We are in Victoria, the largest city and capital of the Seychelles. Its location is at the southeastern tip of Mahé Island, the archipelago's main island.
The film opens with the entrance to the Sir Selwyn Selwyn-Clarke market, an emblem of the Seychelles. This national landmark was built in 1840 and is the main market in the capital city of Victoria. The stalls sell fresh fruits, vegetables, fish and meat. They also have a variety of local spices and herbs as well as many local craft and souvenir kiosks such as pareos (sarongs) and shirts. We see crowds of people shopping with the filmmaker standing on the fish stalls. The fishmongers present a wide variety of seafood, from parrotfish to barracuda and we see them cleaning the fish or dividing it into portions.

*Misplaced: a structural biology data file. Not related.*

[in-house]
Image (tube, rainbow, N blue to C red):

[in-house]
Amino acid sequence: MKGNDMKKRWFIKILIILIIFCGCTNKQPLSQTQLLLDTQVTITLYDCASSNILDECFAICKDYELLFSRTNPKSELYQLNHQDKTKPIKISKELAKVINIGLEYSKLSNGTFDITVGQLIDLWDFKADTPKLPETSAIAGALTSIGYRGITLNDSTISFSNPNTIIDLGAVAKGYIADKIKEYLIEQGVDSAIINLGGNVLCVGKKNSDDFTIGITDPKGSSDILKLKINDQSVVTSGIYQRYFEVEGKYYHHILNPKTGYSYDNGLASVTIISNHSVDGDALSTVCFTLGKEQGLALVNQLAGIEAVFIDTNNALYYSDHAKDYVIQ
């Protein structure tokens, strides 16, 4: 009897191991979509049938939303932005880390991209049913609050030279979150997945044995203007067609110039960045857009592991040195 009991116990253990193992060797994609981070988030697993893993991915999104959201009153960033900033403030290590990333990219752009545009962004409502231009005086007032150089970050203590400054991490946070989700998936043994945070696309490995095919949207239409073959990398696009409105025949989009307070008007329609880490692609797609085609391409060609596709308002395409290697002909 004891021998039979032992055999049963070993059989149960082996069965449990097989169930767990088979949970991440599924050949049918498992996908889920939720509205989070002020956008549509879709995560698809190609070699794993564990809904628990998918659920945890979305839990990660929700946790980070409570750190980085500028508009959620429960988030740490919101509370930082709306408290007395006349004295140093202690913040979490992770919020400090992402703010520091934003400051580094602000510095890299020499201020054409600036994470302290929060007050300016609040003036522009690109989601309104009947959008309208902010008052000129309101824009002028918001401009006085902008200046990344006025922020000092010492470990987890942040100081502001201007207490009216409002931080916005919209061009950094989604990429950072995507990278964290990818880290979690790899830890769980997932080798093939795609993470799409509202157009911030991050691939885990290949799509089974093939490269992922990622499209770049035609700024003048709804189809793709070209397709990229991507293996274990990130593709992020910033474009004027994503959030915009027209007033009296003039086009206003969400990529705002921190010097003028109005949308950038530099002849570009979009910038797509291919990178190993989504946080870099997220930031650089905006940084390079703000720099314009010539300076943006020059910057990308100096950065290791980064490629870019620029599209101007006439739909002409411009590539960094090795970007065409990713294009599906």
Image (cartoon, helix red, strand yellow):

The recording continues on a stall with vegetables and the lens stands on a kind of heron (cattle egret) that flies over the market. We get back to the fish stalls and the filmmaker shows us the crowd of locals that exists as well as visitors who record with their camera.
The film closes with people having bought fish as well as many herons that are there.